As I expected, the black interior in my A7 was a deft blend of leather and technology, but included one of the more unusual dashboard areas I’ve encountered.

A broad and somewhat shallow upper dash in pliable plastic dropped down to a protruding mid-dash where two display screens looked like elegant black panels when the car was off.

The top 10.1-inch screen controlled several different functions, including the audio system – meaning the radio must be tuned through the screen.

A lower 8.6-inch screen lorded over the climate system and apparently took pleasure in reminding me incessantly to “turn on air-conditioner.” I dismissed it with a two-word response.

While impressive visually when the A7 was not running, the screens were distracting most of the time because both competed for your attention, but they sure looked good.

Meanwhile, the console was trimmed in gray Ash wood inlays, as were the door panels and the mid-dash.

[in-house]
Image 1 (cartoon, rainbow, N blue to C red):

The supportive black-leather seats featured perforated bolsters and centers with white stitching and light-gray piping on their edges.

In addition, leg- and head-room were fine for me, though I imagine head-room for someone over 6 feet could be limited because of the dramatically curved top.

Not too surprising, the A7 arrived with several expensive option packages, such as the Prestige Package ($8,300) which included navigation, a premium sound system, side and rear cross-traffic assist and dual-pane acoustic glass; a Driver Assistance package ($2,750); and a 20-inch wheel package ($800).

All of that aside, I still struggle to justify $85,000 sedans simply because most aren’t twice as good as many $40,000 sedans.